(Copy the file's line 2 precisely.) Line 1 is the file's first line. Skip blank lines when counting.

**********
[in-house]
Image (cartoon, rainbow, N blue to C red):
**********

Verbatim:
Image (cartoon, rainbow, N blue to C red):